At $900-1200 / square foot, metal roof installation costs the most of these per square foot, but it is important to note the energy savings, potential insurance savings and resale value gain that it also provides.

Warranty:

Metal roofing comes with a 30-50 year manufacturer warranty as well as warranty from the installer. Tile also typically comes with a 30-50+ year warranty, while asphalt comes with a 10-30 year warranty. A 5-year warranty is standard for shake roofing options.

Maintenance:

Here’s one of the areas where asphalt roofing’s shortcomings are magnified. Shingle replacement is very common in asphalt roofs, and re-caulking and sealing are likely also necessary as the asphalt roof ages. Tile and shake will also need their respective maintenance, as tiles can crack and slide while shake is susceptible to mold, rot, and leaking. Metal roofing, with it’s average lifespan of 50+ years and rare need for repair is the clear winner here.

Aesthetic:

The color and style of your roof can be a determining factor for some when choosing a roofing option. As not every style is right for everyone, variety and options are important. Metal roofing boasts the options of shingles that can match the look and feel of any traditional roofing material and standing seam panels that offer a distinct look. A wide range of colors are available too. While a wide range of tile styles are available, tile roofing has limited color selection to choose from. Shake offers a rustic, natural appearance, which may look great for some, but not all homes. Asphalt is only available in a limited selection of colors, though there are a few common variations in color shading choices.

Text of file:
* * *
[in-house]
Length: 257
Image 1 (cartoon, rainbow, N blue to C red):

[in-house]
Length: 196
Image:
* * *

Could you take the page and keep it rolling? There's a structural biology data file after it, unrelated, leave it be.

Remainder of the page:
Environment:

Metal roofing, as well as tile and slate to a lesser extent, are all considered energy efficient and eco-friendly. Metal roofing is also the only option that is 100% recyclable. Asphalt on the other hand is made from crude oil and other chemicals and ends up in landfills after its short lifespan.

Industry Year In Review

The Metal Roofing Alliance had a fantastic 2017 and is already looking forward for an even more successful 2018. Here is a look back at some of our biggest stories of the past year.

Popularity of Metal Roofs

As consumer demand for sustainable building products continues to grow, the Metal Roofing Alliance  reported another market share gain for metal in the residential retrofit market – up to 14%. This was just one of the many stories this year about the growing popularity of metal roofs.

May 8 – A Guide To Metal Roofing Trends

June 2 – Metal Roofs Growing In Popularity

September 6 – Residential Metal Market Share Jumps to 14% in North America

 

 

Solar Panels

The metal roofing industry has had the ability to incorporate solar panel products for years, but the hype of installing solar panels was particularly big in 2017. Here are some of the best stories involving these energy-saving panels.

April 22 – Solar Panels Are An Easy Addition To A Metal Roof, Boosting the Built-in Energy Efficiency

July 19 – The Hype Behind Solar Panels: What Homeowners Need To Know

September 5 – A Stunning Pennsylvania Home With Rustic Charm (From Philadelphia Style Magazine)

 

Metal Roofs vs. Mother Nature

The past year saw nasty weather all across the country, but metal roofs were there to protect homeowners from it all. From winter storms, to hurricanes, to a large dent but no water damage, here were some of the biggest weather-related metal roof stories.

January 6 – Snow in 49/50 States: Why A Metal Roof Makes Sense

March 8 – Metal Roofs Stand Up To Hailstorms

April 27 – Large Branch Leaves Dent But NO WATER DAMAGE

September 26 – Metal Roofs Perform Well In Extreme Weather

November 13 – Next Roof on Florida Keys Homes Could Be Metal By Mandate